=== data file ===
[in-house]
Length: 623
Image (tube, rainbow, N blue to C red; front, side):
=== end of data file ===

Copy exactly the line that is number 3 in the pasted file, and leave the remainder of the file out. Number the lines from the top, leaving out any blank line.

Image (tube, rainbow, N blue to C red; front, side):